By continuing the research tradition of looking at faculty in the same fragmented way, we are sustaining the view that their work activities are not integrated and leaving open the door to the academic debate that the work they do conflicts with the needs of students and the expectations of the public. (Ludwig, 1996, pp. 74-75)
The way faculty allocate time to their teaching and research roles is the focus of much debate as higher education policymakers and administrators seek to improve faculty productivity (Jacobson, 1992; Mingle, 1993). Many states require faculty to report the time they spend accomplishing teaching, research, and other goals; several states have enacted substantive measures designed to change the way faculty allocate their time (Hines & Higham, 1996). Policy decisions about faculty work, however, may be hindered by inadequate information about the ways faculty actually spend time engaged in teaching and research (Ludwig, 1996).
Many scholars and administrators believe that the achievement of teaching and research goals requires faculty to engage in separate and distinct activities (Barnett, 1992). In this view, faculty teaching and research roles are always fragmented; the time that faculty spend accomplishing research goals is necessarily time that faculty are not achieving teaching goals (Massy & Zemsky, 1994). In contrast, some scholars and policy analysts assert that faculty members' teaching and research roles do not always involve separate and distinct uses of time. Clark's interviews with college and university faculty, for example, reveal that professors find their own teaching and research activities "merging in a seamless blend" (Clark, 1987, p. 70). In other words, faculty sometimes jointly produce teaching and research (Layzell, 1996; Romney, 1971). In this view, faculty teaching and research roles are sometimes integrated: faculty occasionally engage in activities that accomplish teaching and research goals at the same time.
Prior research shows that joint production of teaching and research can be efficient and cost effective for colleges and universities (Hopkins, 1990; Cohn, Rhine, & Santos, 1989). Similarly, faculty may improve their efficiency if they sometimes allocate time to activities that achieve both teaching and research goals (Becker, 1975). To illustrate, a faculty member might spend two hours reading source material and drafting notes for a paper she will present at an upcoming conference, then spend another two hours reading additional materials and writing the outline for her afternoon undergraduate lecture course. In this example, the faculty member's research and teaching efforts are fragmented, and the activities required to accomplish both goals take four hours. The same faculty member might spend two hours reading source material and drafting notes that she will use for both the conference paper and the undergraduate lecture. In the second example, the faculty member integrates teaching and research, and the activities required to accomplish both goals take only two hours. Efficiency is improved because both goals have been accomplished. By integrating teaching and research, the faculty member has two additional hours to accomplish other goals.(1)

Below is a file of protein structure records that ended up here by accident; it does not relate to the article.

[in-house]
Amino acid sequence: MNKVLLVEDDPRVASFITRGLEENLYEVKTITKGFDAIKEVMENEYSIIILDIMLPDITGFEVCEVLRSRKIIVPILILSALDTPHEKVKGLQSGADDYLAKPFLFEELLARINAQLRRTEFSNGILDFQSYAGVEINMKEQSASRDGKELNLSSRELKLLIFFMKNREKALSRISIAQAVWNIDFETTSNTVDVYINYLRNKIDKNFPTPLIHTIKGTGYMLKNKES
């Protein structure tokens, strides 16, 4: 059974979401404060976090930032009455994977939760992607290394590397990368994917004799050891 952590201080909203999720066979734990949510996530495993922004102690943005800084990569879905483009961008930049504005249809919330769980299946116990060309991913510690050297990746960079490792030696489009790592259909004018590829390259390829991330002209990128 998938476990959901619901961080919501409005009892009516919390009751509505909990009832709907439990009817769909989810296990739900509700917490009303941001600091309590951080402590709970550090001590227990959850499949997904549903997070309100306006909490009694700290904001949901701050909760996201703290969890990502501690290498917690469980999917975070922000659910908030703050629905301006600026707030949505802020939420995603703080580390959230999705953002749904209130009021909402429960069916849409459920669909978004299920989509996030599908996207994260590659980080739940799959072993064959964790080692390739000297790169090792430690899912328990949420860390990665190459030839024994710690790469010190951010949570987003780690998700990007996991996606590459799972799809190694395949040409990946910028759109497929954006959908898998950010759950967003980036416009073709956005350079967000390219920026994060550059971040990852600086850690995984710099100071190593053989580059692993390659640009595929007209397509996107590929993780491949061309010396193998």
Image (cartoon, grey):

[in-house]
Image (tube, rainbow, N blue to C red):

Although many studies have been conducted about faculty work, there is little evidence about the ways or the extent to which faculty integrate teaching and research. Indeed, most existing studies assume faculty work roles are always fragmented. Faculty workload studies, for example, ask faculty to estimate the time they allocate to teaching, research, service, and administrative goals separately (Yuker, 1984; Jordan, 1994). Because the categories are predefined as mutually exclusive, faculty members' reports necessarily indicate that whenever faculty are doing research, they are not teaching.
Similarly, investigators who explored whether faculty teaching and research roles are complementary or conflicting have not explored the extent to which faculty engage in teaching and research activities at the same time. …